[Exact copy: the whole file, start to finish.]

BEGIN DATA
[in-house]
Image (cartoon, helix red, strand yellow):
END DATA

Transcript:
[in-house]
Image (cartoon, helix red, strand yellow):